When it comes to Bitcoin and Japan, it is only a matter of time until someone references to the Mt. Gox debacle once again. That is only normal, as the Mt. Gox exchange collapse was a major turning point for Bitcoin as a digital currency. By the look of things, Japan has finally recovered from that debacle, and people are starting to buy Bitcoin in exchanges for Japanese Yen.
Also read: The Legal Status of Bitcoin in Thailand
People Are Buying Bitcoin, But For What Purpose?
Bitcoin exchange volumes in Chinese Yuan and US Dollar are quite easy to explain, as most of these transfers stem forth from people looking to invest in digital currency. Bitcoin presents an excellent way to diversify one’s portfolio, as it can be used as a vehicle to move funds between countries and different currencies in a matter mere minutes.
That being said, things are a bit unclear when it comes to other markets. Granted, the EUR/BTC trading market mostly has to do with investment as well, as there is not too much Bitcoin activity going on in Europe just yet. Then again, people seem to have started taking a liking to the digital currency in Europe as of late, which has nothing to do with the investment aspect per se.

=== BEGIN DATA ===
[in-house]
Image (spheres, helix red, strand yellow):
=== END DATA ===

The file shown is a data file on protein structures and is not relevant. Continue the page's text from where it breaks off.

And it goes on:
An interesting new contender appeared on the charts yesterday, as Japan seems to buy – or sell – a lot of Bitcoin in the past 24 hours With over 15,000 BTC in trading volume over the past day, Japan has taken the third-place spot from Europe. The only question is: why is this happening right now, and what is going on that we don’t know about?
One thing we do know is how the JPY/BTC market seems to be following the price increase that is happening across all major trading markets right now. Once the Bitcoin price started picking up, more and more traders and investors may have flocked to Bitcoin, so that could explain part of the trading volume increase.
Regulatory Status of Bitcoin in Japan
Japan has always been a relatively quiet country when it comes to Bitcoin, although they have a digital currency-enabled crowdfunding platform called FundFlyer. That platform has not seen any major successes to date, although the team is actively working on making things more appealing. Potential investors are quite wary of investing on this platform, as the legal status of Bitcoin remains in the grey area for the time being.
That situation might come to a change soon, though, as a proposal has been drafted to regulate digital currencies in the country very soon. Part of this proposal would force exchange owners to register with the local Financial Services Agency. Preparations for a legal framework for the regulation of Bitcoin will start on January 4, and it will be interesting to see how these discussions play out.
Source: Imgur (BraveNewCoin)
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